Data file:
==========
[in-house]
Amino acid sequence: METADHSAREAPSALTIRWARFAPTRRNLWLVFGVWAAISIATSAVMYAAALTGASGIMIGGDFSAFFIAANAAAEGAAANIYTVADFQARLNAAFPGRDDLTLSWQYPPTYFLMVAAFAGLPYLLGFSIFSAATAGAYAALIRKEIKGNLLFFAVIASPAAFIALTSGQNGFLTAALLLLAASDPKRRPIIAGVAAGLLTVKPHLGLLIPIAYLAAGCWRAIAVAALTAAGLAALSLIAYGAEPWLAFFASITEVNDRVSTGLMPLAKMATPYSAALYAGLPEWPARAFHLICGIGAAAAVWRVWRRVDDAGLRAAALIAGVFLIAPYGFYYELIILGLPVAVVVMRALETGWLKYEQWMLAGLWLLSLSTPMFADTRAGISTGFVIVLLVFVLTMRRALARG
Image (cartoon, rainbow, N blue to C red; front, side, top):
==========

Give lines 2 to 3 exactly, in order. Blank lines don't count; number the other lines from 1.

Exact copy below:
Amino acid sequence: METADHSAREAPSALTIRWARFAPTRRNLWLVFGVWAAISIATSAVMYAAALTGASGIMIGGDFSAFFIAANAAAEGAAANIYTVADFQARLNAAFPGRDDLTLSWQYPPTYFLMVAAFAGLPYLLGFSIFSAATAGAYAALIRKEIKGNLLFFAVIASPAAFIALTSGQNGFLTAALLLLAASDPKRRPIIAGVAAGLLTVKPHLGLLIPIAYLAAGCWRAIAVAALTAAGLAALSLIAYGAEPWLAFFASITEVNDRVSTGLMPLAKMATPYSAALYAGLPEWPARAFHLICGIGAAAAVWRVWRRVDDAGLRAAALIAGVFLIAPYGFYYELIILGLPVAVVVMRALETGWLKYEQWMLAGLWLLSLSTPMFADTRAGISTGFVIVLLVFVLTMRRALARG
Image (cartoon, rainbow, N blue to C red; front, side, top):